Read more:
What kind of prime minister will Scott Morrison be?


And then there were “group leaders”, like Bob Hawke – and Humphrey B. Bear. Humphrey, seemingly male yet somewhat ambiguously defined, runs around without trousers (any resemblance here to an Australian prime minister, living or dead, being purely coincidental). He is also a child, not an adult, and to this extent he shares a common identity with his audience. But they are not entirely deceived: Humphrey’s not really the same as the kids watching at home. In short, he’s rather like Hawke, who at his best convinced us that he was one of us even while being unmistakably “special”.

Not all have even attempted this balancing act. Neither Bruce nor Menzies ever pretended to be everyman, although Menzies occasionally pointed to his humble origins as the son of a country storekeeper. Keating barely made the effort; his adoption of Collingwood Football Club when he became prime minister was widely ridiculed for its cynicism, coming as it did from a man whose interests ran more to classical music and French clocks.

Malcolm Turnbull’s leather jacket, never entirely convincing, did not survive his elevation to prime minister. His persona in the job more resembled a Renaissance Florentine merchant-statesman – albeit without the art or culture, which may well have been Turnbull’s major concession to the common folk.

Like Keating, the very Sydney-ish Morrison is looking south for an AFL club, and he has cultivated what journalist Phillip Coorey calls a “daggy ordinariness”. But his everyman act is already running up against his evangelical Christianity. The classic Australian plain man is not an evangelical.

Russel Ward sketched the “the typical Australian” most influentially in The Australian Legend 60 years ago. He is, Ward writes, “sceptical about the value of religion and of intellectual and cultural pursuits generally”. The latter certainly fits Morrison, but not the former.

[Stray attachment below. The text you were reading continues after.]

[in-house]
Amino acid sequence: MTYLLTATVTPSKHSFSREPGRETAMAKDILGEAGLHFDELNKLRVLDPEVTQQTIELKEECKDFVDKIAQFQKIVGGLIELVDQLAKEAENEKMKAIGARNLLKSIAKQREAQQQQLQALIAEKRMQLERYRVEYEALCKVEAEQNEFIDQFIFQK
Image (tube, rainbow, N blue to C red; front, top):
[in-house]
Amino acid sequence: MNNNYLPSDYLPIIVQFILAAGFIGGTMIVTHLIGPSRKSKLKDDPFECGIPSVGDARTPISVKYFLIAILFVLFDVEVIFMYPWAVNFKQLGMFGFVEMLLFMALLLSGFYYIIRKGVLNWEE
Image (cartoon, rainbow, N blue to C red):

Read more:
Poll wrap: Worst reaction to midterm PM change in Newspoll history; contrary polls in Dutton’s Dickson


That said, he leads Shorten as preferred prime minister in Newspoll. It is worth pausing to ask why Shorten, former Australian Workers’ Union leader, has never been able to break through as a personally popular figure. He has clearly modelled aspects of his career on Hawke, but no one would ever accuse him of possessing Hawke’s charisma. He will never approach his stratospheric approval ratings. Perhaps there are too many stories around of his cosy relations with filthy rich businessmen.

He became a national figure on the back of his media profile during the Beaconsfield mine disaster and rescue in Tasmania in 2006, and he campaigned most effectively in the 2016 election. Yet he often seems wooden in front of a camera, as distinct from when talking with ordinary voters. On the couple of occasions I’ve witnessed him deliver prepared speeches, he was engaging if not magnetic, and improved as he warmed to the message he was delivering.

Hawke moved in similar business circles to Shorten, and had his deficiencies as both a public speaker and parliamentary performer. But he was brilliant if unpredictable in a TV interview, before he cut the drinking and learned better to control his temper. His media image in the 1970s, while ACTU president, overwhelmed any popular suspicion that he was in the pockets of the top end of town, although there was a growing chorus of complaints about rich mates during his prime ministership.

Shorten, much more than Hawke, has been damaged by the perception of backroom dealing; with bosses, while a union leader, and over the internecine warfare within the Labor Party. Voters might have a sneaking respect for his doggedness – think John Howard – but they don’t love him and probably never will. Nonetheless, they may well elect him.The Conversation

Frank Bongiorno, Professor of History, ANU College of Arts and Social Sciences, Australian National University

This article is republished from The Conversation under a Creative Commons license. Read the original article.

Quotas are not pretty but they work – Liberal women should insist on them


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Liberal women such as those in the Morrison ministry, pictured here, should organise to achieve structural change – the only kind that ever sticks.
AAP/Lukas Coch

Chris Wallace, Australian National University

It is an historic moment for Liberal Party women. Individual complaints of sexist bullying invariably end with the lone complainant being isolated and getting crunched.

But since the Liberal leadership spill, several women have spoken out and two MPs, Julia Banks and Ann Sudmalis, have foreshadowed their exit from parliamentary politics over it. This post-#LibSpill moment holds immense promise – but only if the collective momentum is seized and built upon.